Beginning January 1, 2012, the Physician Payment Sunshine Act will require pharmaceutical, device, biological, and other medical-supply companies to report payments and other transfers of value provided to physicians and teaching hospitals for a wide array of purposes—from consulting to food and travel. 

Many pharmaceutical and medical-device companies now disclose such payments on their websites.  A journalist organization hired by Pew Charitable Trust, ProPublica, created a searchable database of those already-posted payments for the public.

In creating the database, ProPublica, collaborating with national and local media news sources, published  slanted stories about payments from industry to physicians, casting them in a negative light.

As companies prepare to report payments under the Sunshine Act (the first report is required by March 31, 2013), there are significant concerns.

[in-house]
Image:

Information obtained through the Sunshine Act will be a resource for violations of fraud and abuse prosecution, such as the False Claims Act; be pertinent for non-compliance with federal regulations on conflicts in clinical research; and may present a reputational risk, due to the appearance of impropriety.

Payments to physicians may prompt inquiries into patterns and practices related to delivery and billing. So state and federal prosecutors will “data mine” the Sunshine payment databases, looking for doctors, institutions, and companies to prosecute. As a result, companies, institutions, physicians, researchers and teaching hospitals must begin to consider the potential risks of transparency in payments by industry. 

Tom Sullivan is founder and president of med ed firm Rockpointe and author of the Policy and Medicine blog (